“To make plain the scientific issues” means to present them in a way that most people can understand them. It is difficult because the knowledge of science and the scientific method can vary. Yet, even the most sophisticated scientific matters can be explained to a layman. An old American saying defines the straightforward way: If you cannot explain it to me in two sentences, you are either lying or have nothing to say. In old times, people with money, often not well-educated, asked for these two sentences when approached with new ideas.
It is about uncertainty
Looking at scientific arguments about climate change, I found out that supporters of the Intergovernmental Panel on Climate Change (IPCC) do not pass the two-sentence test well. Their opponents do it much better. The weight put by the IPCC on the need for immediate political actions with no regard for the cost raises a red flag. For this reason, skeptics like me check what their opponents are saying. The IPCC opponents need not convince me they are right in everything they are saying. They only need to bring a few valid arguments questioning the IPCC conclusions.
Publicizing their agenda, the IPCC supporters try to visualize for us doomsday projections of what can happen. Their appeal to emotion, not reason, is the next red flag, especially because emotional arguments often look like the sleazy tactics of used car salespeople. Someone who is not an expert can sort it out by looking for direct debates between scientists presenting opposite views on this issue. We do not have such discussions because the leading scientific bodies decided that the IPCC findings are irrefutable.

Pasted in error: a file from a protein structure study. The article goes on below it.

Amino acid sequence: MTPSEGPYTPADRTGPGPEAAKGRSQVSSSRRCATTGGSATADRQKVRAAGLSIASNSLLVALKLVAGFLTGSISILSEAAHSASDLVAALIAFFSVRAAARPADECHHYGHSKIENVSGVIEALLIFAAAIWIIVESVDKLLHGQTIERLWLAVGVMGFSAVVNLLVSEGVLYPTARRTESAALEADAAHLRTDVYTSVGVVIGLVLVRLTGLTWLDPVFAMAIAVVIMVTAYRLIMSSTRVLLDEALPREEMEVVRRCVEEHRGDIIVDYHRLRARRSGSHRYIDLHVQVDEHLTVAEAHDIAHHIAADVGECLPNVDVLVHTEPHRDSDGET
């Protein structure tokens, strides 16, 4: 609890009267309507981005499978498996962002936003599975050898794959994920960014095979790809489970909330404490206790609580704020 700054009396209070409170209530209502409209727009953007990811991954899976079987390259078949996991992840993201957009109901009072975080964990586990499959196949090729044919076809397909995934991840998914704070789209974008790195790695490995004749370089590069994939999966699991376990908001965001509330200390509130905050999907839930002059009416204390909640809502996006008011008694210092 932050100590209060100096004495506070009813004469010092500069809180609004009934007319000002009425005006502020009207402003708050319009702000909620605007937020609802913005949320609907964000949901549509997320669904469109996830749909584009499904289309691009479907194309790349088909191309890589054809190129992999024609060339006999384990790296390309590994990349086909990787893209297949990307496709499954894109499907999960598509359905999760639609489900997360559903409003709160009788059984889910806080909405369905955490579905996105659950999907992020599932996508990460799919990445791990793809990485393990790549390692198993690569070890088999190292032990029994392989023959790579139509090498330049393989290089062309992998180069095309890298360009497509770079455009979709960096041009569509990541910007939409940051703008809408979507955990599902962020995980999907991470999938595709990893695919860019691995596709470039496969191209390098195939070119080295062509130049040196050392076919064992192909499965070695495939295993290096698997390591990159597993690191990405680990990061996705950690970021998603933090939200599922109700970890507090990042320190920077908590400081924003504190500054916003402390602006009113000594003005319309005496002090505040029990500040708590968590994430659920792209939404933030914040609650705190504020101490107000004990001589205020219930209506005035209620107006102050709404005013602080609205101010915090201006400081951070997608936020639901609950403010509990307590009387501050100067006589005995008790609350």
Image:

Professor Ivar Giaever resigned from the American Physical Society (APS). It was his protest against the APS declaration that “The evidence is incontrovertible: Global warming is occurring. If no mitigating actions are taken, significant disruptions in the Earth’s physical and ecological systems, social systems, security and human health are likely to occur. We must reduce emissions of greenhouse gases beginning now.” Professor Giaever pointed out the obvious: that incontrovertible could be doctrines of the Catholic Church, not scientific statements. Yet, this quasi-religious approach is typical for many climate change alarmists. For example, Michael Barnard, the leading climate change writer at Medium, blocked me after I posted a critical comment to one of his articles. His action is equal to a church excommunicating heretics. He is a preacher of the climate change religion, not a propagator of a scientific point of view.
The pious manner of presenting and promoting the climate change agenda does not belong to science. For many, this is one more reason for seeking alternative opinions. To lower the level of uncertainty, one need not become a climate scientist; checking a few, easy-to-understand examples, as below, will suffice.
Do we have only 12 years left?